Two recent studies have estimated injury-related health loss for New Zealand in terms of DALYs. As part of the Global Burden of Disease 2010 project, it was estimated that falls in New Zealand account for 28% of all injury DALYs nationally, a total of approximately 29 500 DALYs due to falls in 2010.9 This number contrasts with estimates from the New Zealand Ministry of Health and the Accident Compensation Corporation (ACC) using 2006 data, which found that falls accounted for 7536 DALYs, around 10% of all injury-related DALYs.10 Differences between these estimates were discussed briefly in the latter Ministry of Health study and were attributed to the data sources used and partly to the exclusion of workplace falls from the latter study. The latter study then made estimates of New Zealand social and economic costs of injuries using monetised DALYs as the basis for the ‘human cost’ component of costs.11 Using the dollar value for a preventable fatality (the VOSL), a value was set for each DALY such that the sum of discounted expected future life years equalled the VOSL.10 A value of $150 000 per DALY ($NZ: June 2008 prices) was proposed.10 Unlike the VOSL approach to monetising injury, the DALY approach produces values for safety that are strongly tied to the age of the victim.
Recently, a New Zealand randomised controlled trial found that home modifications were effective in preventing falls for the general population.12 This Home Injury Prevention Intervention (HIPI) study estimated a 26% reduction in medically treated fall injuries.12 A 2011 Cochrane review of the safety effects of home modification found that few preceding studies had demonstrated safety benefits.13 Reasons for the significant finding in the HIPI study, in contrast to many previous studies, may include: a relatively risky home environment in the homes studied,14 for which there was greater potential for environmental safety improvements; a comparatively large sample studied of 1850 people; a long follow-up period of 3 years on average after the intervention; a high participation rate.12
These HIPI data are the basis for the cost–benefit analysis in the current paper. A limited economic analysis has already been conducted to examine the cost-effectiveness of the intervention tested in the HIPI trial.12 The cost of the intervention per discounted DALY prevented over a 20-year period was found to be $14 300, considerably less than NZ GDP per capita, which was $45 769 in 2012,15 classifying the intervention as ‘very’ cost-effective according to WHO criteria.16 ,17 The HIPI trial studied the general population, but did not consider the effectiveness of the intervention for subgroups of the population.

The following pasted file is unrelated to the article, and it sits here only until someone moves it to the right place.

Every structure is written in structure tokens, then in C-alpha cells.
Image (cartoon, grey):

This paper has two aims. First, to estimate the benefit–cost ratios of the home modifications tested. Second, to consider the cost-effectiveness of targeting the intervention. Two potential target groups are older people, whose higher risk of falls is well-documented, and people with a prior history of falls, who were estimated to have significantly higher risk in the HIPI study, controlling for age.
Participants and trial design
The HIPI study has already been described.12 ,14 Briefly, this was a single-outcome cluster randomised trial in which occupants of modified homes were found to have a lower rate of home fall injuries over a subsequent 3-year period. Homes were all owner-occupied and constructed before 1980, with at least one occupant who was a holder of a Community Services Card. These cards are held by the unemployed, students, pensioners and sickness beneficiaries, providing entitlement for state benefits and subsidies.
The outcome measures, counts and costs of medically treated home injuries, were provided by the national no-fault personal injury insurer, the ACC. ACC covers most of the medical costs of injuries (regardless of fault) and 80% of lost earnings except for the first week absent from work. Where the set fee provided by ACC is insufficient to cover treatment costs of doctors, dentists, physiotherapists, specialists, counsellors and other health professionals, the patient pays an additional surcharge.
A qualified builder fitted the following modifications, as required: handrails for steps and stairs, some other minor repairs to steps, grab rails for bathrooms and toilets, adequate outside lighting, high-visibility and slip-resistant edging for outside steps, fixing of lifted edges of carpets and mats, non-slip bathmats and slip-resistant surfacing for outside areas such as decks. The average cost per house was around $560 per household (2012 $NZ value—approximately £290).
There were differences between the composition of the treatment and control groups as households were the unit of randomisation. A model was fitted to individual-level data, according to our analysis plan, with explanatory variables: age (in prespecified groups), sex, ethnicity (Māori/non-Māori) and injury costs in the year prior to the study. The model fitted used the same study and subjects as the previously reported HIPI results,12 but direct costs to the injury insurer were used as the outcome variable. The covariates included were identical apart from the actual costs of the intervention per household, fitted as a continuous variable and set to zero for the controls. This replaced an indicator variable that was set to 1 for intervention households and 0 for the controls. To allow for over-dispersion and excess zeros relative to the Poisson distribution, zero-inflated negative binomial generalised linear models were fitted.